NSW Parliament House hosts exhibition on Saint Josemaría Escrivá

An exhibition to mark the social and educational contribution of Saint Josemaría Escrivá was hosted at NSW Parliament House recently.

Mr Tony Kelly, Minister for Local Government.

Launching the exhibition, the Minister for Local Government, Mr Tony Kelly, said that he hoped that it would help the message of the new saint to reach a wider audience.

Others who spoke at the exhibition included Monsignor John Masso, Regional Vicar of Opus Dei in Australia and New Zealand, and Virginia Monagle, a co-founder of Parents for Education Foundation which operates a number of schools in Sydney, including Redfield College and the Tangara School for girls.

St Josemaría, who was born in Barbastro Spain on the 9th of January 1902 and died on the 26th of June 1975, founded Opus Dei on October 2, 1928. It now has 80, 000 members worldwide.

St Josemaría was canonised on the 6th of October 2002 by Pope John Paul II in St

Peter’s square before a crowd of several hundred thousand people from around the world.

The exhibition, which is titled The Greatness of Ordinary Life, looks at key aspects of Saint Josemaría’s life and writings and at his impact on the Church and society. It includes a number of testimonials by prominent people who had first-hand experience of the saint and of Opus Dei.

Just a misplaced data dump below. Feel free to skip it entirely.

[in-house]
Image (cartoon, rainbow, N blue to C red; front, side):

Pope Paul VI is quoted as saying: “He is one of the individuals in the history of the Church who has received the most charisms and who responded to the gifts given by God with the most generosity.”

The martyred Bishop of El Salvador, Dr Oscar Romero, said: “I was fortunate to have met Monsignor Escrivá and to have received from him encouragement and strength to remain faithful to Christ’s unchangeable doctrine. He managed to unite in his life a continuous dialogue with God and great humility: it was clear that he was a man of God.”

Sydney doctor Ben Haneman said: “Being Jewish, I believe in God and therefore in man and in his spirituality. My life has been enriched by my contact with Opus Dei and the fact that I am Jewish has not been an obstacle.”

And speaking at Saint Josemaría’s canonisation last year, Pope John Paul II said: “It could be said that he was the saint of the ordinary.”

In his address at the launch, Fr Masso, spoke of his personal experiences with the saint before coming to Australia. He spoke of the deep love that the saint showed for all of those who came into contact with him, explaining that he was always extremely affectionate with everyone, giving his full attention to whoever he was with.